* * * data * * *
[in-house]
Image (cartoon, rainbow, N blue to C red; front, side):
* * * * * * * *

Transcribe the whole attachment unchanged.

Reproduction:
[in-house]
Image (cartoon, rainbow, N blue to C red; front, side):